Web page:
A Disquisition on FanFiction

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#30days30authors What is fan fiction? When do we consider something to be fan fiction, and when is it part of a shared realm? Is there really such a thing as fiction that *isn’t* fan fiction? I explore and discuss the limits!

Follow my challenge at http://www.facebook.com/SableAradia

Buy my books! https://www.amazon.com/Diane-Morrison/e/B06XCBB7ZB/

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Spotted on Reddit: Kodos, Kang in Tight Race in North Vancouver

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Diane Morrison

A little nerd humour for the BC election today.

North Vancouver has become the ultimate battleground for a pair of intergalactic candidates.

Reddit user hpka spotted these Simpsons-inspired campaign signs on the Mount Seymour Parkway.

Read the full article at the Vancouver Sun.

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The Weird West

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Diane Morrison

I didn’t realize when I started writing my Wyrd West Chronicles that there was actually a genre for this!  No new ideas under the sun, I guess; but then again, it seems that my take is just a little bit unique.  Less dark overall than the usual depiction; more high fantasy.

Speaking of which, I’ll be releasing the first story, “Showdown,” on the Spring Equinox!  That’s March 20 this year.  It’s in the final editing stages and I’m just waiting for the cover image.  When I have all that, you’ll be able to get it by pre-order.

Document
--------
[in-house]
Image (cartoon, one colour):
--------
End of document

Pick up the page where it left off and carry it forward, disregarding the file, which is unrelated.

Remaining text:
There’s Space Western for The WestIn Space!, and there’s Cattle Punk for The West meets Steam Punk. The Weird West is for when The West meets the supernatural.

Read full article at TVTropes.

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Book Review: The Drowned World by J.G. Ballard

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Diane Morrison

The Drowned WorldThe Drowned World by J.G. Ballard
My rating: 2 of 5 stars

Read for the Apocalypse Now! Reading Challenge and the SF Masterworks Reading Challenge.

Method of the world’s destruction: fluctuations in solar radiation melt the polar ice caps, causing massive flooding in most of the world’s major cities, rising heat, and heavy rains that make the equatorial belt uninhabitable.

This was definitely not my favourite of the SF Masterworks collection. It’s my first acquaintance with the writing of J.G. Ballard, aside from his autobiographical Empire of the Sun, which made an enormous impression on me as a child when I saw the Spielberg movie. I never forgot the thousand-yard stare so accurately portrayed by the boy who played young J.G. after his ordeal as a British prisoner of war in WWII Japan. It was said in the introduction to the edition of this book that I read…

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